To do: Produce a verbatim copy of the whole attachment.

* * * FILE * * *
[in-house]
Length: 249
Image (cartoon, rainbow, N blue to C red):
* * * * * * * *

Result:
[in-house]
Length: 249
Image (cartoon, rainbow, N blue to C red):